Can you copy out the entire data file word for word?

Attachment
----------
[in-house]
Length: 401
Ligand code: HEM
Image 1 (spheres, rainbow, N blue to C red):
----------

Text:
[in-house]
Length: 401
Ligand code: HEM
Image 1 (spheres, rainbow, N blue to C red):